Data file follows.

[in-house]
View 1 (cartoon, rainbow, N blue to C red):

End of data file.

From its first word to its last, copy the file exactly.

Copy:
[in-house]
View 1 (cartoon, rainbow, N blue to C red):